The President is betting that Lee will be an easy pickup this time because the Republicans are not in a strong position to put up a fight. The White House figures that the GOP has spent its ammunition on impeachment, meaning that what Republicans currently need “is a record of achievement, not another record of attack,” says Dickerson. As a result, the President is willing to take the risk of angering some GOP conservatives in order to get his man formally installed. This sort of testing may be inevitable in order to gauge what is possible in a Congress still shaking in the aftermath of an all-out impeachment war, but clearly it also carries the potential of sparking another conflagration.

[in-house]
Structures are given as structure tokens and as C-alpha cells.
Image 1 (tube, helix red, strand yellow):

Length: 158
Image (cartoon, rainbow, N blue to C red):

The jostling for position in the post-impeachment landscape has begun. Witness President Clinton and his renomination of Bill Lann Lee as the Justice Department’s top civil rights enforcer. Lee has held down the job on an acting, recess-appointment basis ever since the Senate Judiciary Committee refused to approve his nomination in December 1997. The committee rebuffed Clinton then because of Lee’s support of affirmative action. “The formal renomination of Lee now,” says TIME congressional correspondent John Dickerson, “is a testing of the political waters by Clinton.”